Conversely, on ASBCA No. 57802 involving RSAS Revision 3 which notified the government that changes with specified cost impacts would be effective January 1, 2005, the Board held that the government’s claim was untimely, because RSAS notification contained sufficient level of detail and supporting data such that the government should have known that at least some adverse costs impacts were occurring by February 15, 2005.  Finding unpersuasive the government’s argument that RSAS submission lacked sufficient level of information and supporting data, the Board held that “claim accrual does not depend on the degree of detail provided, whether the contractor revises the calculations later, or whether the contractor characterizes the impact as ‘immaterial.’”  The Board likewise found unpersuasive the government’s similar contention of insufficient information in ASBCA Nos. 57804 and 58833, holding both government claims untimely.

See also, The Boeing Co., ASBCA No. 57490, 12-1 BCA ¶ 34,916 at 171,671-72 (government’s final decision seeking $6.4 million from Boeing for accounting disclosures changes in 2000 was outside the statute of limitations), and Raytheon Co., v. United States, 104 Fed. Cl. 327 (Fed. Cl. 2012) (government’s claim that certain costs in an advance agreement are unallowable exceeded the statute of limitations where agreement had been entered into nearly 10 years prior to the government’s claim).

In all of these recent statute of limitations decisions, outside counsel represented the contractors, and filed the motions to dismiss.  Certainly in-house counsel could have done such.  Motions to dismiss are primarily fact driven:  when did the event occur and when did the government know about it.  In-house counsel, just as outside counsel, has access to the relevant documents and people to draft sufficient chronology of facts to support a motion.  Then, to represent ones company at the Boards of Contract Appeals, in-house counsel need only obtain company approval to do so, and then timely file a Notice of Appeal (Rule 1 and 2 of the Rules of the Armed Services Board of Contract Appeals).  The Notice of Appeal is jurisdictional.  It must be filed at the Board within 90 days of receipt of the COFD.  A good tactic is for counsel to file its Motion to Dismiss for Lack of Jurisdiction with the Notice of Appeal if possible, or certainly soon thereafter.  The requirement that the complaint be filed within 30 days of the Notice of Appeal will likely be postponed until the Board resolves the jurisdictional motion.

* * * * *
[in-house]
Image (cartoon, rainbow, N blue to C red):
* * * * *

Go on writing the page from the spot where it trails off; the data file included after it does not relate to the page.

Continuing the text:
If the Board denies the motion, but the company wants to continue to pursue the appeal, retained counsel can be brought in at that point if in-house counsel is unable to pursue the appeal.  However, if the Board sustains the motion to dismiss then the appeal is over, unless the government appeals to the Court of Federal Appeals.  Barring such, in-house has likely saved its company a substantial amount in legal fees.

Government contractors of all sizes are increasingly going to confront issues surrounding the statute of limitations in light of the fact that the DCAA is generating audit reports of events that occurred years prior.  These reports are supporting COFDs, and government claims therefrom.  Litigation in this area is going to explode because millions and millions of dollars are at stake.  To be sure, retained counsel will handle the bulk of this litigation.  However, to the extent that in-house counsel can assume a minor litigation role and file motions to dismiss for CDA statute of limitations violations, their value to their organizations can be substantially enhanced.

[i] David Newsome is a Senior Legal Counsel for KBR and a retired Army officer of the Judge Advocate General’s Corps where he maintained an Acquisition Law Specialty. The views expressed herein are his own.  This article is for general information purposes and is not intended to be and should not be taken as legal advice.